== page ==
Over the weekend, it was reported President Trump’s oxygen levels had dropped as a result of the coronavirus. Given that COVID-19 is a respiratory disease, this makes sense: if the lungs are affected, so is the amount of oxygen you intake. It’s important to know the warning signs of low blood oxygen, also known as hypoxemia. Read on to discover if you may be in danger, and to ensure your health and the health of others, don’t miss these Sure Signs You’ve Already Had Coronavirus.
“A sense of euphoria can occur as hypoxemia progresses to hypoxia and can appear similar to intoxication,” report the oxygen experts at Inogen. “There may be changes in appearance, behavior, rate and continuity of speech, mood or even hallucinations and abnormal beliefs about time, location or people. Judgment, memory and insight may be impaired.”
Called cyanosis, “this is a sign of severe hypoxemia, indicating that your cells are not getting enough oxygenated blood,” reports Inogen. “Cyanosis should be taken extremely seriously and warrants emergency medical care.”
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“If hypoxemia is a long-term problem, the body may overproduce red blood cells, which causes the blood to become thick, restricting its ability to travel through smaller blood vessels,” reports Inogen. “This may cause additional symptoms, including burning sensations in the extremities, ringing in the ears and itching.”
“COPD is linked to a condition called hypoxia, which occurs when your blood doesn’t have enough oxygen. This overworks your heart and slows down tissue functions. COPD is also related to hypercapnia, which occurs when you retain too much carbon dioxide,” reports Healthline. “Headaches from COPD happen from a lack of oxygen to your brain combined with too much carbon dioxide. COPD headaches commonly occur in the morning after waking up due to a buildup of carbon dioxide in your blood while you sleep.”
“Shortness of breath, or dyspnea, is one of the more common signs of hypoxemia,” reports Inogen. “Shortness of breath feels like being winded, or struggling to get enough breath. Shortness of breath may also include a tight sensation in the chest, rapid breathing or feeling unable to get enough oxygen. Pursing lips or flaring nostrils while breathing may also occur.”
“Tachypnea is a medical term that refers to fast, shallow breathing,” reports Medical News Today. “A lack of oxygen or too much carbon dioxide in the body is a common cause. It can also result from other health issues. Tachypnea is not a disease, but a symptom that the body is trying to correct another problem.”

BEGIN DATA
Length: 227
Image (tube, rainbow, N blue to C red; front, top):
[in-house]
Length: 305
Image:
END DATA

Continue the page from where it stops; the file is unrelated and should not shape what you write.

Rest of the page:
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“Early signs of hypoxia are anxiety, confusion, and restlessness; if hypoxia is not corrected, hypotension will develop,” reports BC. “As hypoxia worsens, the patient’s vital signs, activity tolerance, and level of consciousness will decrease.”
“Feeling dizzy or lightheaded and/or fainting is a common indication that your body is not getting the oxygen it needs. A floating feeling or feeling the frequent need to yawn may also occur,” reports Inogen.
“Acute hypoxia activates several autonomic mechanisms, mainly in the cardiovascular system—such as increasing in resting heart rate (HR), cardiac output and blood pressure—and in the respiratory system, like causing pulmonary hypertension and hyperventilation,” reports a study in BioMed.
“Symptoms of oxygen deprivation in the eyes includes blurred vision, burning, excessive tearing and a scratchy feeling, almost like there is sand in the eye,” reports LIOC. “Mild cases typically result in swelling in the epithelial layer of the cornea and temporary blurred vision.”
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“Symptoms of mild cerebral hypoxia include inattentiveness, poor judgment, memory loss, and a decrease in motor coordination,” reports the National Institute of Neurological Disorders and Stroke. “Brain cells are extremely sensitive to oxygen deprivation and can begin to die within five minutes after oxygen supply has been cut off.”
Call your medical professional if you experience any of the symptoms above. And “if you are sick at home with this virus, be sure to regularly check your own blood-oxygen levels with a pulse oximeter, which you can purchase online or from any drugstore.” And to get through this pandemic at your healthiest, don’t miss these 35 Places You’re Most Likely to Catch COVID.